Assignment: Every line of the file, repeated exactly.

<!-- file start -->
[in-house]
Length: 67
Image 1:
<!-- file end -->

[in-house]
Length: 67
Image 1: